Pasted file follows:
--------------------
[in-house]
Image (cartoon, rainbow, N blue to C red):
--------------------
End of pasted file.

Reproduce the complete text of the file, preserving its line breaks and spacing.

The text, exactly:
[in-house]
Image (cartoon, rainbow, N blue to C red):